New travel statistics that show the impact of the pandemic and lockdowns, found that while people in England obviously travelled less often and less far last year than in 2019, they walked and cycled further.
The Department for Transport has published the Main Results for England from the National Travel Survey (NTS) 2020 and separate results from walking and cycling, based on the NTS and the Active Lives Survey.
Watford, April 2020: Police on patrol approach locals in Watford, enforcing lockdown measures
Overall people in England made 739 trips on average in 2020, or 14 trips a week. This was a 22% decrease on the level in 2019, where people made an average of 953 trips per year.
In 2020 people travelled an average of 4,334 miles, down by a third (33%) on the 6,500 miles travelled in 2019. On average, people spent around 269 hours travelling in 2020, down 27% from 370 hours in 2019.
Cars remained the most popular mode of travel, making up 58% of all trips in 2020 and 81% of miles travelled. This modal share represented a decrease of three percentage points from 2019) but the percentage of overall distance travelled that was done by car was up of four percentage points.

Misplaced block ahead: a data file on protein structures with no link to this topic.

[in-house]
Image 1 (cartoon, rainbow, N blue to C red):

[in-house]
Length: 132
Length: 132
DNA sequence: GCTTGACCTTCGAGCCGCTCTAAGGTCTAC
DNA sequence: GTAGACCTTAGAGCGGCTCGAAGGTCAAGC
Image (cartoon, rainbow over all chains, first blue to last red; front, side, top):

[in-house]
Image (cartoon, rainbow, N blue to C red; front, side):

A higher proportion of trips were walked in 2020 than 2019, up six percentage points to 32% of all trips in 2020. However, the number of trips walked fell by 5%, from 250 trips per person in 2019 to 236 trips per person in 2020.
However, 2020 saw a 34% increase in the average number of walking trips over a mile, compared to 2019. This meant that the average number of miles walked per person increased by 7% to 220 miles, the highest levels since 2002.
Similarly, the distance travelled by bike rose during the year, up by 62% from 54 miles per person in 2019 to 88 miles per person in 2020.
The average number of cycling trips also increased over the year but less dramatically, rising by a quarter (26%) from 16 trips per person in 2019 to 20 in 2020.
Jack Cousens, the AA’s head of roads policy, said: ‘Today’s National Travel Survey reveals just how effective last year’s lockdown and travel restrictions were in reducing people’s movements and therefore the spread of the coronavirus.’